Gurin, P., Nagda, B., & Zuniga, X. (2011). Dialogue across difference: Practice, theory and research on intergroup dialogue. New York, NY: Russell Sage.
Hedlund, J., Forsythe, G. B., Horvath, J. A., Williams, W. M., Snook, S., & Sternberg, R. J. (2003). Identifying and assessing tacit knowledge: Understanding the practical intelligence of military leaders. Leadership Quarterly, 14, 117–140. CrossRef
Jenkins, K. (2005). Gender and civic engagement: Secondary analysis of survey data: CIRCLE Working Paper 41, http://eric.ed.gov/?id=ED494075. Accessed 19 July 2016
Jones, K., & Day, J. D. (1997). Discrimination of two aspects of cognitive-social intelligence from academic intelligence. Journal of Educational Psychology, 89, 457–462. CrossRef
Klandersman, B., & Oegema, D. (1987). Potentials, networks, motivations, and barriers: Steps towards participation in social movements. American Sociological Review, 52(4), 519–531. CrossRef
Kohlberg, L. (1975). Moral education for a society in moral transition. Educational Leadership , 46–54.
Kohn, A. (2014). The downside of grit. Washington Post.
Lincoln, Y., & Guba, E. (1985). Naturalistic inquiry. Thousand Oaks, CA: Sage.
McAdam, D. (1986). Recruitment to high-risk activism: The case of freedom summer. American Journal of Sociology, 92(1), 64–90. CrossRef
McGrath, R. (2015). Integrating psychological and cultural perspectives on virtue. Journal of Positive Psychology, 10(5), 407–425. CrossRef
McLellan, E. (1999). Moral education in America: Schools and the shaping of character from colonial times to the present. New York: Teachers College Press.
Miles, M., & Huberman, A. (1994). Qualitative data analysis. Thousand Oaks, CA: Sage.
NPR-Kaiser-Harvard (2001). National survey on poverty in America, http://www.kff.org/kaiserpolls. Accessed 1 Oct 2009.
O’Connor, C. (1997). Dispositions toward (collective) struggle and resilience in the inner-city. American Educational Research Journal, 34(4), 593–629. CrossRef
O’Leary, A., & Romero, A. (2011). Chicano/a students respond to Arizona’s anti-ethnic studies bill, SB1108. Aztlan, 36(1), 9–36.
Oyserman, D., Harrison, K., & Bybee, D. (2001). Can racial identity be promotive of academic efficacy?. International Journal of Behavioral Development, 25(4), 379–385. CrossRef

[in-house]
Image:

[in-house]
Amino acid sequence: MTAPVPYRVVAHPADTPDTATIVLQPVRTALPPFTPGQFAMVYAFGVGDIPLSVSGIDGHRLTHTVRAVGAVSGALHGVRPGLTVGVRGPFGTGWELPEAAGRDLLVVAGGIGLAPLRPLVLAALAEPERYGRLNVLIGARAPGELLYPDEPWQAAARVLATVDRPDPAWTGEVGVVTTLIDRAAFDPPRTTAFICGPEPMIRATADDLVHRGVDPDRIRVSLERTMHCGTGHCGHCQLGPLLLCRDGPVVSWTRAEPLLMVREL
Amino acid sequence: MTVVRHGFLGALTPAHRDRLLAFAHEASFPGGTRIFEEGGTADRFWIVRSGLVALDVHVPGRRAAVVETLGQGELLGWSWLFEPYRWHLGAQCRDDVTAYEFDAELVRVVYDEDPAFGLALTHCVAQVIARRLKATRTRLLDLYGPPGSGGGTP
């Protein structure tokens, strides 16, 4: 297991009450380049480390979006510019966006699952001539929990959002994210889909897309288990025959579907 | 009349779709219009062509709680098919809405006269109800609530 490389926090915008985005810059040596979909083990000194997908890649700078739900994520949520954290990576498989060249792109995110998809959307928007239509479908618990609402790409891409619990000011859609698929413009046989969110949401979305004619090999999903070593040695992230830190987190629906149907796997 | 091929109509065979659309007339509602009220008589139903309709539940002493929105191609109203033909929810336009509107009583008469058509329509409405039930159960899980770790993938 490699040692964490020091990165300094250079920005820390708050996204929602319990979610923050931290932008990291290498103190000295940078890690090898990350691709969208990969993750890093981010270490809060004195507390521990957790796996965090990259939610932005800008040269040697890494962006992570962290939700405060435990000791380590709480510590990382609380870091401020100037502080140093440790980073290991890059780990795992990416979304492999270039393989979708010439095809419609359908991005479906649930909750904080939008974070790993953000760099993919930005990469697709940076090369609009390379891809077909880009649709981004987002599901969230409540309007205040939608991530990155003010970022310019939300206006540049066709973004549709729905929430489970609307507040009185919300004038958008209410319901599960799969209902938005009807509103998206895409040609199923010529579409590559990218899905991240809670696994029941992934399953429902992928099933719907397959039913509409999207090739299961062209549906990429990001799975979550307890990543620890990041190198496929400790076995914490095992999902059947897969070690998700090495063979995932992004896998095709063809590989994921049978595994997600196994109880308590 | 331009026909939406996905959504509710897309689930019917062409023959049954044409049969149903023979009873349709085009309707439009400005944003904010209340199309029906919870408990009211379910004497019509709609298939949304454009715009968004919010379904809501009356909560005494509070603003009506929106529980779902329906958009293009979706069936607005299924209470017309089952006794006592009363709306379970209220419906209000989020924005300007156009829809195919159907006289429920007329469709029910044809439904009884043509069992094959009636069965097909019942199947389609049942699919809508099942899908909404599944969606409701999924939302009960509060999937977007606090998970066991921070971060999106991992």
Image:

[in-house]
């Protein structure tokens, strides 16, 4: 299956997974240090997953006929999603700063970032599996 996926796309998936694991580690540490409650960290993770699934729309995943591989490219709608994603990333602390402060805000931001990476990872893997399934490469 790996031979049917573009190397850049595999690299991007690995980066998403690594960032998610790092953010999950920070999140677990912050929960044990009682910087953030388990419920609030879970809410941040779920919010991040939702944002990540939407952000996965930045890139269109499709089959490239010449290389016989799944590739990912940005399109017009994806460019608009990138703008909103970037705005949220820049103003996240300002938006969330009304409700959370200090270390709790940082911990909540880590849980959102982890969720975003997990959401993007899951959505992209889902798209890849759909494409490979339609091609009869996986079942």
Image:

Oyserman, D., Gant, L., & Ager, J. (1995). A socially contextualized model of African American identity: Possible selves and school persistence. Journal of Personality and Social Psychology, 69(6), 1216–1232. CrossRef
Pancer, S., Pratt, M., Hunsberger, B., & Alisat, S. (2007). Community and political involvement in adolescence: What distinguishes the activists from the uninvolved? Journal of Community Psychology, 35(6), 741–759. CrossRef
Ramos-Zayas, A. (2003). National performances: The politics of class, race and space in Puerto Rico. Chicago, IL: University of Chicago Press.
Ritchhart, R. (2002). Intellectual character: What it is, why it matters, and how to get it. San Francisco: Jossey-Bass.
Ryan, G., & Bernard, H. (2003). Techniques to identify themes. Field Methods, 15(1), 85–109. CrossRef
Ryff, C. (1989). Happiness is everything, or is it? Explorations on the meaning of psychological well-being. Journal of Personality and Social Psychology, 57(6), 1069–1081. CrossRef
Scott, L. D. (2004). Correlates of coping with perceived discriminatory experiences among African American adolescents. Journal of Adolescence, 27(2), 748–794. CrossRef
Seider, S. (2007). Catalyzing a commitment to community service in emerging adults. Journal of Adolescent Research, 22(6), 612–639. CrossRef
Seider, S. (2012). Character compass: How powerful school culture can point students toward success. Cambridge, MA: Harvard Education Press.
Shields, D. L. (2011). Character as the aim of education. Phi Delta Kappan, 92(8), 48–53. CrossRef
Shor, I. (1987). Freire for the classroom. Portsmouth, NH: Boynton.
Sizer, T. (1984). Horace’s compromise. New York, NY: Mariner Books.
Sternberg, R. J. (2011). College admissions for the 21st century. Cambridge, MA: Harvard University Press.
Strauss, A. (1987). Qualitative analysis for social scientists. Cambridge, UK: Cambridge University Press. CrossRef
Stryker, S. (2000). Identity competition: Key to differential social movement involvement. In Stryker, S., Owens, T., & White, R (Eds.). Identity, self, and social movements (pp. 21–40). Minneapolis, MN: University of Minnesota Press.
Tenopyr, M. L. (1967). Race and socioeconomic status as moderators in predicting machine-shop training success, Presented at the 75 th Annual Convention of the APA. Washington DC.
Wang, J., Hilliard, L. J., Hershberg, R. M., Bowers, E. P., Chase, P. A., Champine, R. B., Buckingham, M. H., Braun, D. A., Gelgoot, E. S., & Lerner, R. M. (2015). Character in childhood and early adolescence: Models and measurement. Journal of Moral Education, 44(2), 165–197.
Watts, R., Diemer, M., & Voight, A. (2011). Critical consciousness: Current status and future directions. New Directions for Child and Adolescent Development, 134, 43–57. CrossRef
Watts, R., & Flanagan, C. (2007). Pushing the envelope on youth civic engagement: A developmental and liberation psychology perspective. Journal of Community Psychology, 35(6), 779–792. CrossRef
Watts, R., Griffith, D., & Abdul-Adil, J. (1999). Sociopolitical development as an antidote for oppression: A theory. American Journal of Community Psychology, 27(2), 255–271. CrossRef
Youniss, J., & Yates, M. (1997). Community service and social responsibility in youth. Chicago, IL: The University of Chicago Press.
- Investigating Adolescents’ Critical Consciousness Development through a Character Framework
- Springer US